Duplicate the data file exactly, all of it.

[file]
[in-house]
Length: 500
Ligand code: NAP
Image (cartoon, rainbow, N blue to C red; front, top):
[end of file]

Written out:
[in-house]
Length: 500
Ligand code: NAP
Image (cartoon, rainbow, N blue to C red; front, top):